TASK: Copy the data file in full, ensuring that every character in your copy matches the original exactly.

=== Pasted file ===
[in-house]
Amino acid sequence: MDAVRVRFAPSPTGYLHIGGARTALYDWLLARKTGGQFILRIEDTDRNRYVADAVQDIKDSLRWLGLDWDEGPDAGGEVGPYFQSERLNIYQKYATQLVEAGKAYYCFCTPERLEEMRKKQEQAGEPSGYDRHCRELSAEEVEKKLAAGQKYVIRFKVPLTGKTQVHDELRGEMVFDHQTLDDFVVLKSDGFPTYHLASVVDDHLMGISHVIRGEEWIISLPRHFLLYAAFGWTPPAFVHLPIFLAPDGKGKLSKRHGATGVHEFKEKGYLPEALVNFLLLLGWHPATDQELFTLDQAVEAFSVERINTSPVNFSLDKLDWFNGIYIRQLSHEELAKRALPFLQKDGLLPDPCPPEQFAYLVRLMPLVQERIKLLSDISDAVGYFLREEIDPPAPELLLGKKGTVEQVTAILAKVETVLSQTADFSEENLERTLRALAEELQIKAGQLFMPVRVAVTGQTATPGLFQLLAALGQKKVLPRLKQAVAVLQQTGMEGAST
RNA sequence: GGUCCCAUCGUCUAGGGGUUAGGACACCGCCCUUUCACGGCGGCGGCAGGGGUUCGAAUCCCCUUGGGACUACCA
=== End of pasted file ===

[in-house]
Amino acid sequence: MDAVRVRFAPSPTGYLHIGGARTALYDWLLARKTGGQFILRIEDTDRNRYVADAVQDIKDSLRWLGLDWDEGPDAGGEVGPYFQSERLNIYQKYATQLVEAGKAYYCFCTPERLEEMRKKQEQAGEPSGYDRHCRELSAEEVEKKLAAGQKYVIRFKVPLTGKTQVHDELRGEMVFDHQTLDDFVVLKSDGFPTYHLASVVDDHLMGISHVIRGEEWIISLPRHFLLYAAFGWTPPAFVHLPIFLAPDGKGKLSKRHGATGVHEFKEKGYLPEALVNFLLLLGWHPATDQELFTLDQAVEAFSVERINTSPVNFSLDKLDWFNGIYIRQLSHEELAKRALPFLQKDGLLPDPCPPEQFAYLVRLMPLVQERIKLLSDISDAVGYFLREEIDPPAPELLLGKKGTVEQVTAILAKVETVLSQTADFSEENLERTLRALAEELQIKAGQLFMPVRVAVTGQTATPGLFQLLAALGQKKVLPRLKQAVAVLQQTGMEGAST
RNA sequence: GGUCCCAUCGUCUAGGGGUUAGGACACCGCCCUUUCACGGCGGCGGCAGGGGUUCGAAUCCCCUUGGGACUACCA